Dear Honourable PM
Your appeal to the people of India to contribute to rehabilitate the people of Uttarkhand is adding salt to injury. You and the opposition, when they were in government earlier, having looted the resources beyond tolerable means now have the gumption to ask us for our hard earned money on which we have also paid you taxes. Your legislators have had a 100% to 500% jump in assets in five years and we know how that happens. So take it from them. I have referred your appeal to my personal UDRS – my inner conscience. It says neither did you pitch the ball in line, not did it hit in line and is missing the stumps by a mile. Your appeal is therefore rejected and I hope the others who read this, assuming the media has the guts to publish this letter, also do the same. As far as I am concerned the government, both centre and state and the administration can take a running jump. Being a fair man I give them the choice which river they choose – Alaknanda, Bhagirathi or Mandakini. I will be there at the Bay of Bengal to see their bodies. As far as you are personally concerned – half a glass of water will do – because that’s how small you have made yourself in the last nine years.
I am a little foxed by the media calling the Uttarkhand event as a natural disaster. Nature cannot and does not have disasters – it is dispassionate. What happens is in the natural order of things. We suffer because we have interfered with that order beyond tolerable limits. And what is there to worry about the dead – even if all the 50,000 stranded die, it is just a day’s installed capacity of this nation that adds 20 million (ie one Australia) every year. The death toll has already been more than made up. How to prevent future disasters? Hand over all the religious places to the Chinese. Look at how they have maintained Manasarovar. No litter and garbage and the ecology is maintained by controlling the number of people which can be environmentally sustained. No permanent structures. In fact Lord Shiva is also happy to be in Chinese territory. If he were in India he would have been surrounded by dung, garbage and excreta. And that is how we must also control – limit the number of visitors by charging a hefty fee that is used to provide first class facilities. But will this work? Every political party, religious outfit and the media will scream for democratic and sacred rights. So let the government just not bother, like now. Those who suffer are destined to do so. And deserve it.
Every time there is a natural disaster, since the Koyna earthquake struck in 1967, we have been hearing of the formation of a Disaster Management Force. The present NDRF appears to be a big apology for a rescue force. Dressed in red T-shirts they look more like a Mumbai Govinda troupe and are hardly likely to inspire any confidence. When crisis of the magnitude of Uttarkhand strikes, then things get tough and only the tough get going. And the tough wear OG. People in khaki beat a fast retreat and in any case are totally incapable of any physical or even co-ordination of resue efforts at base camps. The IAS and IPS are just careers. They are for service to the establishment mafia and not for the aam aadmis.
Why a separate NDRF force? We have a ready-made force that can be renewed every year right under our nose to tackle such situations. About 1500 officers and 30,000 other ranks from the armed forces retire every year at a very young age, a policy necessitated by the need to keep the regular army fit. Many are from the Corps of Engineers, Army Medical Corps, Signals Corps, Electrical & Mechanical Corps, possessing the very expertise necessary in such situations. Even those from the Army Service Corps who deal with the task of feeding, fuelling and transporting armies, the size of which civilian authorities never deal with, would also be useful. Others from infantry, artillery etc can lend muscle power. All that is required is to mobilise them into a versatile DMF that can rush and commence work as soon as a calamity strikes. They require no training whatsoever. Since the armed forces personnel hail from all states, the force can be organised in a manner that ensures that those knowing the local terrain and language, at least the majority, are sent where necessary. Psychologically, an affected population takes a kinder and more amenable attitude towards ‘outsiders’ who come to help since the ‘insiders’ are seen as responsible for their plight and would probably be stoned! The armed forces also have the respect that others do not have and their presence would also boost the morale of the affected population.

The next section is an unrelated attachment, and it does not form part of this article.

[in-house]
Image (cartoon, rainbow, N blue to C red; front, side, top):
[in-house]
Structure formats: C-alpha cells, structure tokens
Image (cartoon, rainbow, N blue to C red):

The above plan has several advantages. The regular army in peace stations, resting after a grueling stint in the forward areas need not be disturbed and external security is not compromised. The civilian staff of the government, least experienced in tackling war-like situations can be employed in the administrative work relating to such situation. The Disaster Management Force however should be under the overall control of a 3-star General of the Army and whenever the force is requisitioned, the entire area and command of the situation will pass on to it. All, including the police and the civilian administrative machinery will function under its supervision and the Force Leader will only report to the concerned Chief Minister. At other times, such a force can be employed in restoring environmentally degraded areas. Many calamities like floods, drought etc. are due to such environmental degradation and in time the impact of such disasters can be lessened if not altogether prevented. In less than a decade the environmental savings from such a force will pay for itself and there will be no need to impose taxes, surcharge etc the proceeds of which are never used for the purpose for which they are meant.
This is probably the sixth time I have written this letter in the last ten years – after the Tehri earthquake, Bhubhaneshwar cyclone Latur earthquake, Bhuj earthquake, Tsunami, Mumbai 2005 floods etc.- modifying it suitably each time after every disaster. All of them have been published and perhaps I will have to write the same stuff many more times. No need of any further proof of our “action”.